Reserve Bank Governor Gill Marcus announced an interest rate hike on Thursday, while highlighting strike action and excessive salaries and bonuses.
Opinions may have been split on whether the South African Reserve Bank would hold or hike interest rates, but it was widely agreed that the decision would be a tough one.
Reserve Bank Governor Gill Marcus said as much when she announced the repurchase rate would increase by 25 basis points pushing it to 5.75% and in turn will push the prime lending rate up to 9.25%.
“The MPC [Monetary Policy Committee] faces an increasingly difficult dilemma of rising inflation and slowing growth,” Marcus said in her announcement on Thursday afternoon. “The core mandate of the bank remains price stability, but at the same time, in achieving this mandate, we have to be mindful of the impact of our actions on economic growth and tread a fine line between acting effectively to address the inflation objective, while not undermining growth unduly.”
Economists were divided on what the bank would decide and Dave Mohr, chief investment strategist for Old Mutual Wealth, for one, had not expected the hike given the weak economic growth. “It was surprising they decided to hike,” he said. “But it does seem to be in reaction to the fact that we have all this strike activity and the wage settlements are way above inflation.”
In her speech, Marcus said the committee was concerned that recent wage settlements in the mining sector – as high as 20% - and current demands in the metals sector could set a precedent for wage demands more generally.
Wage price spiral
“Unless accompanied by higher productivity, such settlements could generate a wage price spiral, and are also likely to have a negative impact on employment trends,” Marcus said. She however also noted that there is an imperative for attention to also be paid to excessive salaries and bonuses of management and executives.
The bank also revised its growth forecast downward. “The bank’s latest forecast, which assumes a speedy resolution of the metal workers’ strike, sees growth in 2014 at 1.7%, compared with 2.1% previously and 2.8% at the beginning of the year,” Marcus said. “Growth forecasts for the coming two calendar years have been reduced to 2.9% and 3.2%, from 3.1% and 3.4% respectively.”
“The MPC remains concerned about weak growth, widening output gap and the negative employment outlook. The strike in the platinum sector contributed to the downward revision of the growth forecast, and the latest forecast has not factored in the possibility of a protracted work stoppage by the metal workers, which would potentially have much wider ramifications because of the direct linkages to other sectors of the economy. This weak growth outlook, however, is not something that monetary policy can ameliorate.”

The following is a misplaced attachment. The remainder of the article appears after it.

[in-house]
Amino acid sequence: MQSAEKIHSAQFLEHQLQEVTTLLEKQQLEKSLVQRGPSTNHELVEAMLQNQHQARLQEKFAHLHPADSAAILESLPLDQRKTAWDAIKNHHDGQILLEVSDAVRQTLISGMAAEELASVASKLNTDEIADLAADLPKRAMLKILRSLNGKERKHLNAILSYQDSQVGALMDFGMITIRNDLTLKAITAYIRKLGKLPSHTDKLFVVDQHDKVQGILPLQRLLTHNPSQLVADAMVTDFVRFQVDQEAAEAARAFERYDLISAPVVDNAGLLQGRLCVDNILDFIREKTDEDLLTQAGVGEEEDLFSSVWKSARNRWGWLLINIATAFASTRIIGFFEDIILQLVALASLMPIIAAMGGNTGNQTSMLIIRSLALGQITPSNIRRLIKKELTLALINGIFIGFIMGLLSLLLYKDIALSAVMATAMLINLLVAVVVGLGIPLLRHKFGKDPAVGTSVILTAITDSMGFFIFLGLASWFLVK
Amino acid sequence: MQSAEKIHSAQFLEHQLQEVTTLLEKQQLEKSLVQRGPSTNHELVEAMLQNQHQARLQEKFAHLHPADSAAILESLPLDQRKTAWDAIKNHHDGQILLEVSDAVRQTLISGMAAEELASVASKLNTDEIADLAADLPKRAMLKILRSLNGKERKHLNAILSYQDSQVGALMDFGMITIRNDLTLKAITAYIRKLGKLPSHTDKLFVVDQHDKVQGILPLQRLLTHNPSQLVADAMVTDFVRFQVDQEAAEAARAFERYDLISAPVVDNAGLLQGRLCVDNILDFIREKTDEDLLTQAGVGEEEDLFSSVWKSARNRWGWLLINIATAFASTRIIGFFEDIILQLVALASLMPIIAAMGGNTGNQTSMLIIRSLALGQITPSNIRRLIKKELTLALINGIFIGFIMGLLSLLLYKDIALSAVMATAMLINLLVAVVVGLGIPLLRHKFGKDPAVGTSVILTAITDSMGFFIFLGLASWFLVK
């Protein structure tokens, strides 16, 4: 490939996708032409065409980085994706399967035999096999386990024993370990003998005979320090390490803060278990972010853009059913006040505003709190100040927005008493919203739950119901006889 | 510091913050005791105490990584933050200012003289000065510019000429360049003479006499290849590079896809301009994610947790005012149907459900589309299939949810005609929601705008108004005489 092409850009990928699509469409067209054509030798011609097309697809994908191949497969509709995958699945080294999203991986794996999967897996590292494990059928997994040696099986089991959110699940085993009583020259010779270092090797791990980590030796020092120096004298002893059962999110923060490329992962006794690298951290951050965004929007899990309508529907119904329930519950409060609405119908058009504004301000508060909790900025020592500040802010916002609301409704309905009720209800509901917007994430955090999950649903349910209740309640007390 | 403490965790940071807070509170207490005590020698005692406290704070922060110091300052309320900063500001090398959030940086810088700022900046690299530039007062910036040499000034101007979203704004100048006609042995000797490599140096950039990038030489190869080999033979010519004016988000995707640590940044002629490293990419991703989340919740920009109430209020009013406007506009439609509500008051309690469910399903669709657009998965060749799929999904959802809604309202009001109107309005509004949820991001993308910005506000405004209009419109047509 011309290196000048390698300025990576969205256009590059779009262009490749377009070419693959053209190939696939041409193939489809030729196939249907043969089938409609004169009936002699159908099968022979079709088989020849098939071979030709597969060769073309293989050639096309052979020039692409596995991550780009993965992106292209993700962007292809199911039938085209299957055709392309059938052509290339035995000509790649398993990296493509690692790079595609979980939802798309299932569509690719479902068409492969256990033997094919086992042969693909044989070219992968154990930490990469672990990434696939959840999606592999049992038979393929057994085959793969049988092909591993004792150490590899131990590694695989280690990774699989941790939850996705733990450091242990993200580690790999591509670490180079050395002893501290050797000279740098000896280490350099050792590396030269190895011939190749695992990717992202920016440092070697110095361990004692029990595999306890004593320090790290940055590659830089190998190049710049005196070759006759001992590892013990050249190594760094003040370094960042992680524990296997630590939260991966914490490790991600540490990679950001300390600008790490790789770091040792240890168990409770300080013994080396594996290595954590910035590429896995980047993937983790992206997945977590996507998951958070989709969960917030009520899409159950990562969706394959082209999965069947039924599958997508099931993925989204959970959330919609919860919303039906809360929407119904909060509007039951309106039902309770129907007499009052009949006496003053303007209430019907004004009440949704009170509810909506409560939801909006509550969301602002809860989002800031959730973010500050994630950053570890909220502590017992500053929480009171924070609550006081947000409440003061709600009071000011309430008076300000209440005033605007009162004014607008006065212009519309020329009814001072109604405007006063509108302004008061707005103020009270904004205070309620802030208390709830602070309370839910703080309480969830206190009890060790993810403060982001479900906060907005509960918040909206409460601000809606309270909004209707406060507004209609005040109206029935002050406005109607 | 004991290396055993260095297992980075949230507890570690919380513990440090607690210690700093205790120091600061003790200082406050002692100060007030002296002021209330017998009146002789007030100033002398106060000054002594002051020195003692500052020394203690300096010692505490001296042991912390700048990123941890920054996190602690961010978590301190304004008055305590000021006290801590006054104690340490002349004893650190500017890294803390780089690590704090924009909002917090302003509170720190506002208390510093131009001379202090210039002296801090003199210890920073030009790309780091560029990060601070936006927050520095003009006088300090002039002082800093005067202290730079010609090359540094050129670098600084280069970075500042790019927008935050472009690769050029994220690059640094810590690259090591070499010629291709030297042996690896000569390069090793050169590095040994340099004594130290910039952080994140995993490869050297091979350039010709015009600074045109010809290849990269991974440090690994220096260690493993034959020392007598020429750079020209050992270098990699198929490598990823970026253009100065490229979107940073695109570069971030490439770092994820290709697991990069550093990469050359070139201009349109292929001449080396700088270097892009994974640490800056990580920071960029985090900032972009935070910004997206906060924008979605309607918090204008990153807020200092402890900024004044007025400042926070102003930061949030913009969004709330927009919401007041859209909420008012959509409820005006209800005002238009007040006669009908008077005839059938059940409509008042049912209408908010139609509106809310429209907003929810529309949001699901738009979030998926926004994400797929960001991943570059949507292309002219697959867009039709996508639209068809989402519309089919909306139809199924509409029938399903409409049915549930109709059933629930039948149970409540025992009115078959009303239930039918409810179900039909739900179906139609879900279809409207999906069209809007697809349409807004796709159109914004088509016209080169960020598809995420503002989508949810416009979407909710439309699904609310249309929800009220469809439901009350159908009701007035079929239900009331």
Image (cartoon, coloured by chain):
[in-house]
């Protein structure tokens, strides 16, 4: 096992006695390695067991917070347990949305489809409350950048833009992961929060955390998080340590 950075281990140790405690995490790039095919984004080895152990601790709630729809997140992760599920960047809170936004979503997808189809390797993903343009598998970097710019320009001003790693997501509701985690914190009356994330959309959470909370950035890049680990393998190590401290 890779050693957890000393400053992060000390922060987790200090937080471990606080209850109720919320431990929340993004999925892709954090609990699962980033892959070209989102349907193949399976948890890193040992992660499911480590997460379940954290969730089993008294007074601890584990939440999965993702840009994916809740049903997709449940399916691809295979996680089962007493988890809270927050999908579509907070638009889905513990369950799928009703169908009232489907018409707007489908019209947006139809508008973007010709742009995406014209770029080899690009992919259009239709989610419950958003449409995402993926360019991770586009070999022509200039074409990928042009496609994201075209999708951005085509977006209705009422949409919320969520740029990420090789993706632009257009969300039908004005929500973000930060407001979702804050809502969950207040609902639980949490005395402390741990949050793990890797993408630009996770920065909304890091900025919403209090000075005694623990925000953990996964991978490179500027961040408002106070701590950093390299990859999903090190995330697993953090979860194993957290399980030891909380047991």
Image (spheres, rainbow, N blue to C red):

Largely decoupled rand
Marcus said household consumption as well as growth of credit extension remained weak. The rand too had largely decoupled from its emerging market peers, and depreciated relative to most currencies, as it reacted to deteriorating domestic fundamentals, she said.
“These included the negative GDP [Gross Domestic Product] growth rate, the adverse reports from the ratings agencies, and the protracted nature of the platinum and metal workers strikes.”
Inflation is now expected to average 6.3% in 2014, compared with 6.2% previously, with the quarterly peak of 6.6 % expected in the fourth quarter. “Inflation is still expected to return to within the target band [of between 3% and 6%] during the second quarter of 2015 provided that there are no further shocks to the system, particularly from possible higher tariff increases being granted to Eskom by Nersa [the National Energy Regulator] from 2015.”
The only titbit of good news Mohr said was that agricultural producer price inflation declined from a recent peak of 13.3% in March, to 6.7% in May reflecting in part the sharp decline in maize prices to export parity price levels – thanks to a bumper crop.
The Reserve Bank’s main job is to keep inflation as close as possible to the target range, said Mohr. And the hike rate was likely because they want to reinforce the message: “they will look at inflation first and would be the most important factor in deciding on interest rates and to enforce that we are in rate hike cycle,” he said. “They had to do something to convince the public that they won’t let inflation run away.”
Marcus warned that monetary policy should not be seen as the growth engine of the economy and the sources of the below par growth performance are largely outside the realms of monetary policy.
“In the short term, an improvement in the interaction and relationships between management and labour is essential to foster a climate of trust and confidence, and get South Africa back to work,” she said.
Given that the key headwinds preventing a return to trend growth are structural, there is an urgent need to implement necessary structural reforms, as envisaged in the National Development Plan, in order to achieve higher and more inclusive growth.”